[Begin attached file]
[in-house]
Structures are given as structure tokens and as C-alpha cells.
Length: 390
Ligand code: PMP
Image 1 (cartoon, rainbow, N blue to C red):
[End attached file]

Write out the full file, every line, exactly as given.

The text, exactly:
[in-house]
Structures are given as structure tokens and as C-alpha cells.
Length: 390
Ligand code: PMP
Image 1 (cartoon, rainbow, N blue to C red):